By Zohar Rotem
I never go to synagogue, not even on the High Holidays. Ever since my bar mitzvah, I feel a mix of relief and guilt when I pass a synagogue around the High Holidays. Relief, because I know that I no longer have to go and sit through hours of undecipherable boredom. And guilt… Guilt because I somehow know that’s where I’m supposed to be. Because I somehow know that the undecipherable should have meaning for me, and that boring services should somehow be uplifting. That’s why it was so refreshing to participate in a High Holidays festival in the park last year. There was beautiful live music, free food (including an apple and honey tasting station), and friendly volunteers that explained the ancient ritual of casting away your sins. We sang, we ate … and we fed the ducks. What a great day to be Jewish.
Last year almost 2,000 individuals participated in Open Tashlikh, a Big Tent Judaism pilot program implemented in 28 communities around the country. The idea was first put forth by Rabbi Kerry Olitzky, Big Tent Judaism Executive Director, in “Time to Open Up Tashlikh” on eJewishPhilanthropy in July 2014. That article argued that already-existing tashlikh services taking place in public spaces outside the walls of Jewish institutions have remarkable and untapped outreach potential. This potential can be maximized through the use of Big Tent Judaism resources and guidance.
The majority (87%) of the institutions who implemented Open Tashlikh in 2014 said their tashlikh services were as successful or more successful than the previous year, including half (47%) who said they were more successful (the few whose services were less successful than the previous year’s have attributed this to the weather – a rainy day meant less participants).
On average, each Open Tashlikh program gathered a crowd of 50 to 100 individuals, about 20% of whom were not affiliated with the host institution or highly engaged with the Jewish community. Many of these unaffiliated participants returned later in the year for other programming in the host institution (such as Yom Kippur services or a free Hanukkah festival).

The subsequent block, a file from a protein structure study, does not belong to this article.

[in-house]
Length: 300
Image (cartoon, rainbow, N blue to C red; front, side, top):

The most successful Open Tashlikh programs were those that combined the tashlikh service with a larger event, open to the public, such as a community picnic or a High Holidays festival. For example, one institution turned Open Tashlikh into a community-wide festival that brought together 8 partners. “Instead of each synagogue offering [Open Tashlikh] individually to their members and getting out a small crowd, we drew a huge crowd of members and unaffiliated people who just wanted to be a part of the community in general and wanted to taste the holiday and hear the shofar.” Another partner added that “promoting the event in local media seemed to help get the word out.”
Developing outreach programs like Open Tashlikh for nearly two decades has allowed Big Tent Judaism (formerly Jewish Outreach Institute) to fine-tune best practices which we have tested hundreds of times across all kinds of Jewish communities. Among the many best practices we offer to those who implement our programs:
- Promote these programs widely, especially in secular venues where people spend their time. Facebook has proven an effective platform for getting the word out beyond existing membership.
- Collect contact information. Gathering a huge crowd is not enough. If you can’t follow-up with the new people you meet, and invite them back for something else, it’s a missed opportunity. (Big Tent Judaism has developed methods for doing so in an appropriate fashion for those who refrain from writing on the holidays.)
- Know what’s next. When planning any outreach event, one must also plan for “next step” events to which unaffiliated participants may be invited. These work best if they are also “low-barrier,” insofar as they require little or no prior Jewish literacy, are free or low-cost, are open to all, and so on.
For the 2015 High Holidays, we look forward to exponentially growing the footprint of Open Tashlikh and invite your community to participate; we provide our training and program materials at no cost thanks to the generosity of our supporters. To learn more, and to sign up for the full implementation guide and program materials, contact program associate Katie Singh at [email protected]
Zohar Rotem is Manager of Research and Evaluation at Big Tent Judaism.